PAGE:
Fun, happy kidney energy is represented by the archetype of the fool. Do not let the stereotyped negativity of this archetype fool you. Kidney energy plays a key role in our society. The kidney is one of the five essential meridians of traditional Chinese medicine represented by the water element. In energy medicine, water is most commonly associated with our emotions. Most people are familiar with the kidney meridian emotions of fear and confidence.

In Traditional Chinese Medicine, the kidney meridian is the home of our vital essence, or unique constitution, that you are born with, and is important for determining overall health and energy. Imbalances in the kidney can increase fear of the unknown, while a balanced kidney meridian instills us with a sense of calm and confidence.

A healthy kidney meridian stands up to fear and delves deep into the “why” that makes our lives worth living. To find kidney energy within yourself look at your need to find meaning.

Do you often present a silly, happy face in public, while deep down you feel sad and confused?

Are your true feelings hidden in your jokes?

Do you seek knowledge for its own sake and delve deep into the subjects that interest you most?

Like any stand-up comedian, the fool allows us to see deep into the problems and plagues of society in an accessible and easy to grasp way. How many of us have watched a stand-up show only to find ourselves pondering a joke long past the last laugh has been uttered? Popular examples of the fool archetype include the Joker from the Batman series, George Carlin the comedian, and Chandler in Friends.

By strengthening and stretching the kidney meridian, you gain access to your ability to cut through the perceived barriers of society to find the information that you seek. You will learn some tricks to combat imbalances in the groin and lateral hamstrings. To understand the kidney meridian’s place in our series, we will examine its eastern and western medicine functions, archetypes, common imbalances, and exercises to restore the healthy flow of our meridian.    

Western Medicine Kidney Functions

Our kidneys are primarily responsible for the filtering and purification of blood. These bean-shaped, fist-sized organs are found in the lower back, right beneath the lower ribs. On top of each kidney sits an adrenal gland which releases hormones to control our metabolism, blood pressure, stress response, immune system, and more. 

Over the course of a day, the kidneys filter 200 liters of blood and remove 2 liters of waste. They remove excess water, salts, and other substances and send them to the bladder for disposal. This process allows our kidneys to maintain the body’s pH, mineral, electrolyte, and chemical balances.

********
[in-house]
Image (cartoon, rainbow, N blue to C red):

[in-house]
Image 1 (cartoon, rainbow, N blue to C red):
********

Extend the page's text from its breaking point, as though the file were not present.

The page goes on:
The adrenal glands and kidneys are placed close together for a reason. Together they regulate blood pressure by controlling sodium and potassium levels in the body. 

Kidney Organ
Photo by Robina Weermeijer on Unsplash

Fight-Or-Flight with the Kidneys

The adrenals also produce adrenaline, DHEA, and cortisol- all of which are a crucial part of our fight or flight response. During fight or flight, our sympathetic nervous system is sent into overdrive. This response can save our life but is also extremely difficult to regulate. Chronic stress occurs when a person is “stuck” in the sympathetic nervous system. Symptoms of chronic stress include insomnia, low energy, headaches, compromised immune system, and headaches.

Adrenaline is the trigger for our fight or flight response which prepares our body for action. Over time, high adrenaline levels can take a toll on the body, increasing our blood pressure and also our risk of heart disease. It has also been associated with weight gain, stroke, insomnia, and other health problems.

DHEA helps produce reproductive hormones, including estrogen and progesterone. When we are in fight or flight mode, the body deems these hormones as non-essential and stops making them in the correct quantities. Long-term stress can throw off our hormone production leading to infertility and PMS in women and erectile dysfunction in men.

Cortisol, also known as the stress hormone, is related to 90% of illnesses and diseases. After being released by the adrenals, cortisol floods the body with glucose and increases our heart rate and blood pressure. Over time, high cortisol levels throw the body out of balance.

Turning off the fight or flight systems may require some effort, or it may come naturally. The system responsible for calming us down is the parasympathetic nervous system, or rest and digest system. 

The Kidneys and the Lymph System

The kidneys filter waste from our body’s natural metabolic and detox processes. To do so, they work closely with the lymphatic system to remove harmful wastes from other areas of the body. The kidneys drain fluid from the lymph system to maintain homeostasis, remove harmful substances, and reabsorb essential nutrients such as electrolytes, cytokines, and immune cells from interstitial fluid.

A surprising lack of research has been done on the results of kidney-lymphatic dysfunction. If the lymphatic system isn’t properly drained, toxins build up in the body and cause dysfunction and disease.